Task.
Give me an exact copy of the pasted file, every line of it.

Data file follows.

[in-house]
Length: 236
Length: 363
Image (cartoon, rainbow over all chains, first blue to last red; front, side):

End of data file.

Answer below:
[in-house]
Length: 236
Length: 363
Image (cartoon, rainbow over all chains, first blue to last red; front, side):